As Labor opens the door to treaty, Malcolm Turnbull argues for keeping the focus on constitutional recognition.
Myles Morgan

14 Jun 2016 - 4:25 PM  UPDATED 14 Jun 2016 - 4:25 PM

A formal agreement between Indigenous people and the Federal Government would undermine the campaign for constitutional recognition, according to the Prime Minister.

On day 37 of the election campaign, both major parties were campaigning in Perth and both spoke about the issue of treaty.

Opposition Leader Bill Shorten said he is committed to constitutional recognition of Indigenous people, but is also ready to discuss a treaty.

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“I am up for the conversation on a treaty, absolutely, but what I'm not going to do is impose paternalistic top-down solutions,” Mr Shorten told reporters in Perth alongside Aboriginal Labor candidate Tammy Solonec.

Mr Shorten wouldn’t be drawn on any detail beyond his general support for the notion of a treaty.

But he did say he was aware that many Aboriginal and Torres Strait Islander people did not support moves to change Australia’s Constitution to recognise them.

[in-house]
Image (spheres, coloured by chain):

“There is a level of cynicism amongst parts of the Australian community that somehow constitutional reform in and of itself will deliver all the other outcomes,” Mr Shorten said.

The Prime Minister gave his most frank assessment yet on the idea of a treaty existing alongside constitutional change.

“Mr Shorten should have more discipline and more focus on ensuring we maintain support for constitutional recognition rather than introducing other concepts which will, in my view, undermine the prospects of getting the very high level of public support you need for constitutional recognition of our first Australians,” he said at a press conference.

Turnbull wades into history wars

The Prime Minister was also asked to comment on the controversial question of whether Australia was colonised or invaded.

He didn’t dispute that Australia was invaded.

“I think it can be fairly described as that and I've got no doubt and obviously our first Aboriginal Australians describe it as an invasion,” he said.

“But it’s really an argument about a word. The facts are very well known: This country was Aboriginal land. It was occupied by Aboriginal people for tens of thousands of years, 40 000 years.”

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